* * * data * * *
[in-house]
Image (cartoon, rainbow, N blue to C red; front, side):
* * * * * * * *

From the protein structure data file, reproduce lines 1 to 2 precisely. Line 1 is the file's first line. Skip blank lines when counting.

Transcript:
[in-house]
Image (cartoon, rainbow, N blue to C red; front, side):